Academic journal article Professional School Counseling

School Counselors' Emotional Intelligence and Its Relationship to Leadership

Academic journal article Professional School Counseling

School Counselors' Emotional Intelligence and Its Relationship to Leadership

Article excerpt

Leadership is a vital skill set for school counselors (American School Counselor Association [ASCA], 2012; A. Young & MillerKneale, 2013). School counselor leadership is defined by the ASCA National Model (ASCA, 2012) as the "capacity or ability to guide others" (p. 142). School counselors use their leadership skills to advocate with and on behalf of students and lead the management of their counseling program (ASCA, 2012). Tasks associated with school counseling leadership vary (A. Young, Dollarhide, & Baughman, 2015) ranging from serving as accountability leaders (Sink, 2009) to advocating with and on behalf of students (Bemak & Chung, 2005; Ratts, DeKruyf, & Chen-Hayes, 2007) and facilitating school-wide screenings for mental health concerns (Erickson, 2013). Leadership practices of school counselors are also tied to greater implementation of school counseling programs (Mason, 2010; Shillingford & Lambie, 2010). Furthermore, school counselors have an ethical responsibility to "provide leadership to create systemic change to enhance the school" (ASCA, 2016, p. 6) and that requires leadership skills to navigate the myriad challenges that school counselors face.

Leadership clearly is an important aspect of school counseling; thus, research examining school counselors' leadership qualities is important. A construct that has emerged in interdisciplinary research on leadership is emotional intelligence (EI). Dollarhide (2003) suggested that effective school counseling leaders understand and work within structural, human resource, political, and symbolic leadership contexts, and EI might help them navigate those settings. Salovey and Mayer (1990) describe EI as the "ability to monitor one's own and other's feelings and emotions, to discriminate among them and to use this information to guide one's thinking and actions" (p. 189). Mayer and Salovey (1997) argued that EI is a set of affective processing capabilities in which greater EI leads to improved ability to interact with others in social situations. Likely due to this relationship between EI and advanced socioemotional functioning, authors have suggested that EI is positively related to various leader attributes such as self-leadership (Houghton, Wu, Godwin, Neck, & Manz, 2012), team performance (Jordan & Troth, 2004), leader self-efficacy (Harper, 2016), and job performance (Joseph, Jin, Newman, & O'Boyle, 2015). Scholars have noted significant implications for counselors in the emerging literature on EI (Constantine & Gainor, 2001; Gutierrez & Mullen, 2016; Gutierrez, Mullen, & Fox, 2017; Martin, Easton, Wilson, Takemoto, & Sullivan, 2004). Therefore, the purpose of this article is to provide a literature review on EI and present findings from a study that explored the relationship between school counselors' EI, demographic qualities, leadership self-efficacy (LSE), self-leadership, and leadership experience.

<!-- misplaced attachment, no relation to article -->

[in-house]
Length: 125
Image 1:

EI

Authors have argued that two distinct forms of EI exist: trait EI and ability EI (Petrides & Furnham, 2000a, 2000b, 2001). Trait EI, also referred to as emotional self-efficacy, is "a constellation of behavioral dispositions and self-perceptions concerning one's ability to recognize, process, and utilize emotion-laden information" (Petrides, Frederickson, & Furnham, 2004, p. 278). Ability EI, also known as cognitive-emotional ability, is "one's actual ability to recognize, process, and utilize emotion-laden information" (Petrides et al., 2004, p. 278). In other words, trait EI includes one's personality dispositions (e.g., empathy), whereas ability EI consists of one's capacity (e.g., actual ability) to recognize, understand, manage, and integrate emotions into thinking. Ability EI is based on performance and should be measured with maximum performance or achievement testing, whereas trait EI is based on disposition or self-efficacy and should be measured with self-report (Brackett et al. …

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